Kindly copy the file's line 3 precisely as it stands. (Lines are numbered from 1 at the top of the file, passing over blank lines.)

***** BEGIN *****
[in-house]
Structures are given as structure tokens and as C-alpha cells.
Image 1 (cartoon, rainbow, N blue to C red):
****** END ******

Image 1 (cartoon, rainbow, N blue to C red):